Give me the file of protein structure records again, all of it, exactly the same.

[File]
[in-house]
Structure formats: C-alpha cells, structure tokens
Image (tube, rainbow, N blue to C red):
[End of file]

[in-house]
Structure formats: C-alpha cells, structure tokens
Image (tube, rainbow, N blue to C red):